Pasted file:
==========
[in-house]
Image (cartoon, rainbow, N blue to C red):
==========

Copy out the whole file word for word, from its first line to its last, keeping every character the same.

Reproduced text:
[in-house]
Image (cartoon, rainbow, N blue to C red):